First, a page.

Fully imported cars, including electric vehicles will cost more with Finance Minister Nirmala Sitharaman announcing hike in customs duty in the Union Budget 2023-24.
Customs duty on vehicles in completely built units (CBUs) costing less than $40,000 (roughly Rs. 32.7 lakh) or with engine capacity less than 3,000 cc for petrol-run vehicles and less than 2,500 cc for diesel-run vehicles has been raised from 60 percent to 70 percent, as per the Budget document.
Similarly, customs duty on electrically operated vehicles in CBU form, other than with cost, insurance and freight (CIF) value of more than $40,000, has also been raised to 70 percent from 60 percent.
The Budget also outlined that customs duty on vehicles, including electric vehicles, in semi-Knocked down (SKD) form will rise to 35 percent from 30 percent earlier.
Already, cars imported as CBUs with CIF more than $40,000 or with engine capacity more than 3,000 cc for petrol-run vehicles and more than 2,500 cc for diesel-run vehicles attract 100 percent customs duty.
“The Government has proposed to increase the duties on completely built units (CBUs) to 70 percent from 60 percent earlier.
“This is unlikely to have a material impact as most of the luxury cars are now assembled in India, barring the top-end variants. Nonetheless, an increase in customs duty will further aim to promote domestic manufacturing going ahead,” Icra Senior Vice President & Group Head Corporate Ratings Shamsher Dewan said.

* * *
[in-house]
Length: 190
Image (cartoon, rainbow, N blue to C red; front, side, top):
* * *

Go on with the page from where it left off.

On the other hand, Sitharaman proposed “to further provide impetus to green mobility, customs duty exemption is being extended to import of capital goods and machinery required for manufacture of lithium-ion cells for batteries used in electric vehicles.
The Finance Minister also noted that replacing old polluting vehicles is an important part of “greening the country’s economy”.
“In furtherance of the vehicle scrapping policy mentioned in Budget 2021-22, I have allocated adequate funds to scrap old vehicles of the Central Government,” she said.
States will also be supported in replacing old vehicles and ambulances, Sitharaman added.
“Multiple proposals in the Union Budget are seen favourable for the automotive sector. A sharp 33 percent increase in capital investment outlay, identification of critical transport projects for first and last-mile connectivity, and relaxation in personal tax rates shall aid the demand for the auto sector,” Dewan stated.
Thrust on green energy continues with specific budgetary allocation for old vehicle scrappage, energy transition, and viability gap funding for battery storage solutions with 4000 MWh, he added.
Customs duty exemption on the import of capital assets for manufacturing lithium-ion cells for batteries used in electric vehicles shall facilitate EV ecosystem development and aid faster penetration, Dewan said.
“An increase in the duty rates on compounded rubber from 10 per cent to Rs 25 (or) 30 per kg, whichever is less, is a challenge for tyre industry, which significantly depends on imported rubber,” he added